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The National Portrait Gallery acknowledges the Traditional Custodians of Country throughout Australia and recognises the continuing connection to lands, waters and communities. We pay our respect to Aboriginal and Torres Strait Islander cultures and to Elders both past and present.

Aboriginal and Torres Strait Islander viewers are warned that this website contains images of deceased persons.

James Robert Millar Robertson

1926
W.A. Bowring

oil on canvas (frame: 140.5 cm x 110.5 cm depth 7.5 cm, support: 116.5 cm x 86.5 cm)

James Robert M. Robertson (1844-1932), mining engineer and coal magnate, was the son of a Scottish surgeon and colliery owner, and qualified in medicine himself before opting for a career in mining. Having started out in his father's collieries and worked as a consultant to British mining concerns in Spain, Borneo, India and Burma, he settled in Sydney in 1880. Over the course of his career he consulted on deposits in New South Wales, Tasmania and Queensland, identifying some, misidentifying some and failing to spot others. He was, however, consistently involved in the success of Caledonian Coal, the Glasgow-based company that was the Australian coal industry leader, and was its managing director from 1896. By his early fifties he was also a director of the Mount Kembla Coal and Oil Company, the North Coast Steam Navigation Company and other firms of that ilk. He presided over several royal commissions into colliery accidents, into the conditions of the Ferndale pit in 1886 and into the Bulli colliery explosion of 1887; as consulting engineer to the Mount Kembla Colliery, he was interrogated during the enquiry into the terrible explosion there in 1902. An unyielding employer, but a nervous public speaker, he wrote a number of papers for learned societies. He owned many paintings, mostly by minor European artists and 'establishment' Australian-based artists including the Scots Lister Lister and John Mather, but also including a harbour view by Arthur Streeton 'commissioned when he came door-knocking offering to paint such views for harbour-side residents.' He made his family home in Kirribilli, and was a stalwart of the Neutral Bay Presbyterian Church and a benefactor of the Burnside Presbyterian Homes for Children.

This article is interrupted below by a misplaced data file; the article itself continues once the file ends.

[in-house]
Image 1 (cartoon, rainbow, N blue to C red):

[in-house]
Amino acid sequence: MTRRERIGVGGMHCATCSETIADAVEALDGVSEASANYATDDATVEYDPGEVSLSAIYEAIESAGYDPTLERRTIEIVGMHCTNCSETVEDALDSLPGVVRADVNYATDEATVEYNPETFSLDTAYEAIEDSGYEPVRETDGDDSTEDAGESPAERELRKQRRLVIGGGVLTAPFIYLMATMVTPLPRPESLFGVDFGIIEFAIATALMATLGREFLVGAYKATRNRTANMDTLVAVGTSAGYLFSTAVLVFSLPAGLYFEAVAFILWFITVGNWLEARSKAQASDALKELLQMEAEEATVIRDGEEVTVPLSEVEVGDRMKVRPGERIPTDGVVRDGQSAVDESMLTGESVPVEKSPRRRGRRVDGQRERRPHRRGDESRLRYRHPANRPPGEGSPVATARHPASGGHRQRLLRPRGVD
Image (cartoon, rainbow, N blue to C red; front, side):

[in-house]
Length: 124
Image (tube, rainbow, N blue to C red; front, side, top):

Collection: National Portrait Gallery
Gift of the descendants of James Robert Millar Robertson 2011

Artist and subject

W.A. Bowring (age 52 in 1926)

James Robert M. Robertson (age 82 in 1926)

Subject professions

Science and technology

Donated by

James and Christian Robertson (1 portrait)

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The National Portrait Gallery acknowledges the Traditional Custodians of Country throughout Australia and recognises the continuing connection to lands, waters and communities. We pay our respect to Aboriginal and Torres Strait Islander cultures and to Elders both past and present.

Aboriginal and Torres Strait Islander viewers are warned that this website contains images of deceased persons.

The National Portrait Gallery is an Australian Government Agency